On FT Energy Source:
- BP’s unsurprising refining surprise
- Being rich in resources really is a curse
- Renewables race: Winner China!
- Will the US soon be exporting nat gas?
- A long wait for Opec Iraq quotas
- Occidental in a position to buy
- Why the Obama’s energy budget is short-sighted
- Exxon profits and Shell’s Brazilian ethanol plans in Energy headlines
(Further reading will return tomorrow)
As one scours the landscape for potential mergers and acquisitions in the oil and gas patch, Occidental Petroleum might be a good starting point. After a strong 2009, the California-based producer is planning to increase its capital expenditures 19 per cent from the $3.6bn spent in 2009, to about $4.3bn.
Certainly that will not lend itself to any deals of the size ExxonMobil just pulled off. But there are numerous small fields and companies up for sale after a difficult 2009, given low commodity prices and a slowdown in demand amid the economic downturn. And Occidental has a history of picking up these little acquisitions.
Ghana is worried, not to mention Papua New Guinea and most likely, Uganda. Poor countries that have recently found themselves the owners of sizeable fossil fuel reserves all fear the “resource curse”, or “paradox of plenty” – that, like Nigeria, Angola, Congo and many others before them, the oil wealth will somehow translate into corruption, poverty and/or civil oppression instead of higher standards of 1living.
Francesco Caselli and Guy Michaels at VoxEU have attempted to work out whether the resource curse exists, by looking at comparing Brazilian municipalities that have received different levels of oil revenues.
The results were hardly reassuring for citizens of countries with newfound resources wealth.
By Izabella Kaminska
That, for the record, is what happens when analysts don’t mysteriously “mind-meld” a couple of weeks ahead of your results.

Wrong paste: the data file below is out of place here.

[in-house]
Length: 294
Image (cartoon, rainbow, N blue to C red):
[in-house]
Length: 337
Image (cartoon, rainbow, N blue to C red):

As we reported on January 13, a number of analysts spookily cut their earnings forecasts on rival Shell — all at the same time. The revisions were related to weaker than expected refining margins in the quarter.
BP’s fourth quarter numbers, meanwhile, missed expectations on — you’ve guessed it — a weaker than expected performance in refining. Or as BP put it:
Compared with a year ago the result for the fourth quarter reflected a continued weaker overall Refining and Marketing environment, including a refining indicator margin of $1.49 per barrel compared with $5.20 per barrel in the fourth quarter of 2008. BP’s actual refining margin declined even more than the indicator margin during this period. In addition, rising crude prices and reduced volatility compressed marketing margins and led to a weaker supply and trading contribution. These factors were somewhat offset by stronger operational performance and lower costs.
Crucially, BP also added:
Looking forward, in 2010 we expect refining margins to remain weak.
Not that this refining issue couldn’t be foreseen back in January, or for that matter the third or second quarter of last year.
Independent refiner downgrades imminent? - FT Alphaville
Petroplus, still praying for a distillate recovery – FT Alphaville
Distillate hangover – FT Alphaville
Independent refiner downgrades imminent? – FT Alphaville